Energy and the Environment
University of Redlands
This course is designed to help students understand the earth energy system and the potential impact of human activity. Students are asked to gather and analyze data regarding energy generation, efficiency, and environmental impacts. The course focuses on quantitative analysis of energy systems, but also covers the socio-political and economic components.
Private four-year institution, primarily undergraduate
This is a 200-level course that has a mix of majors (environmental studies) and non-majors. It satisfies a science requirement for the majors. Class time is composed of a mix of lecture, in-class activities (such as Google Earth, discussions, etc.) and local field trips (power plants, hydropower systems).
This course covers the natural energy cycles on earth, specifically direct and indirect (wind, waves, biomass) solar resources. Historical energy use and conventional energy resources are presented, along with associated environmental problems such as air pollution and mining. Students investigate real-time air quality of Southern California. Field trips are designed to show students where electricity comes from. Three trips are normally taken: a gas-fired cogeneration plant on campus; a utility-scale gas power plant that uses recycled wastewater for cooling; and a small hydropower system.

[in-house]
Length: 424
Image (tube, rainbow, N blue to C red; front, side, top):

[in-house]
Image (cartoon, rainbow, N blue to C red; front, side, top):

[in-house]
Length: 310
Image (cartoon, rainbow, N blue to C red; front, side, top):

1. Students will be able to understand the earth energy system and, therefore, understand the potential impact of human activity
2. Students will be able to gather and quantitatively analyze data regarding energy generation, efficiency, and environmental impacts.
3. Students will be able to make a connection between the technological aspects of energy/environment and the socio-political and economic components.
1. Students will experience energy generation first hand
2. Students will be able to express an idea in a well-structured, coherent paragraph.
3. Students will be able to take a data set, make a complete plot with it, and interpret the results.
There are two major features; the field trips and the Energy Project. For the Energy Project
, students use Kill-a-Watt meters to measure the electricity usage for a particular appliance, machine, or light. They then use Excel to calculate the annual usage, cost, and air emissions associated with the appliance. They then calculate the results of more efficient use of that machine at the individual level, campus level, and state-wide level.
Exams 40% - a mid-term and final exam
Homework: 40% – eight homework assignments
Energy Project: 10%
Quizzes: 10% - three short quizzes given based on the assigned reading.
References and Notes:
Energy, Environment, and Climate - R. Wolfson